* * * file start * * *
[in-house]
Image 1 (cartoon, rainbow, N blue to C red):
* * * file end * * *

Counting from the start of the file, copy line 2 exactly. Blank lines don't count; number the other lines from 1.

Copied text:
Image 1 (cartoon, rainbow, N blue to C red):